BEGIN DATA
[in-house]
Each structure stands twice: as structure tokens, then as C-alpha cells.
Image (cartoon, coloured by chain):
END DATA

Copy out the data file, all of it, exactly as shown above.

[in-house]
Each structure stands twice: as structure tokens, then as C-alpha cells.
Image (cartoon, coloured by chain):